Ahir Shah: “The Empire is to Britain what the slave trade is to the United States”

The comedian on Brexit, minority identity and why he doesn't mind offending white people. 

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Ahir Shah is one of British comedy’s fastest rising stars. Eccentric, explosive, and unapologetic in his views, the fierce liberal standup is taking audiences on a piledriver tour through politics and race against the backdrop of Brexit and President Donald Trump. Shah wants to get people talking, he says, even if that means stunning them into silence first. 

While darkly hilarious in its assessment of the unenlightened world, Shah’s show is not meant to be uplifting. “It’s meant to make people think and through the laughter, they might understand what’s going on and how the world is getting even more shit by the day," he explains. “I’m angry and I won’t hide that. But it’s a choice between screaming into a pillow or shouting it from a stage. I know which I’d rather do.”  

Britain’s decision to leave the European Union, Shah reckons, finds its roots in misinformation. “Brexit, man. Leave voters talk about taking this country back. From who? Britain subjugated most of the world, lest they forget.” The irony of the Empire features heavily in Shah’s routine and he questions the legitimacy of British people claiming that they are suffering the effects of globalisation. “Do you want know who the real victims of globalisation are? Ask the former colonies of the Empire.”

Shah doesn’t pull his punches when it comes to discussing Britain’s history, but insists: “I’m very fond of this country.” In fact, Shah’s Twitter bio simply reads: “British Comedian.” 

“I guess what makes me British is an accident of birth and the fact of socialisation. I guess what makes me a comedian is an accident of birth and the fact of socialisation. To be honest, I like insisting on the notion of being a specifically British comedian, both because I think that the style of comedy that I do is very British, and also because it riles people who insist that I’m Pakistani.”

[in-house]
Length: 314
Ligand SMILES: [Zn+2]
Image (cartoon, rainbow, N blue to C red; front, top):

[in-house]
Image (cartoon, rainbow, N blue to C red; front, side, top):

What does Shah, born to Indian parents, say to those people? He draws attention to his amusingly posh accent shaped by a west London upbringing and a Cambridge University education – “Come on, I sound like a fucking butler.” He adds: “I think there are people who believe that national identity is something that is sufficiently rigid that it can’t include anyone of a particular ethnicity. What I think is important is to realise that actually people can occupy multiple identities within themselves. That was very important when, for example, you had [right-wing journalist] Douglas Murray the other week questioning whether it was possible to be Muslim and European. Of course it is. You realise that these people are doing exactly the same work as the worst people on the Islamist side of things – they’re destroying the grey zone. We can have multiple identities within ourselves and I don’t think that needs to be a situation of conflict.”

Presented with one of the most forthright quotes from his latest show Control – “If you think the British Empire was a good thing, the sun will never set on how far you can fuck off” – Shah shrugs. That a pensioner spent a lot of one of his Soho Theatre performances last month shaking their head doesn’t concern him. “People should be challenged. I don’t think my show is particularly anti-white.” Does Shah worry about offending white people? “Not in the slightest. We should all be aware of the structures around us and the circumstances by which certain communities might have more or less social power in the scheme of things. There’s no requirement of having to be brown or black to be interested in that. In fact, people in general should be interested in that. If it’s anti-anything, it’s anti-white washing, which I hasten to add, is a pun rather than an indictment of any particular race of people. I think if people understand my material as anti-white, they’re probably missing the point of what I’m trying to do.”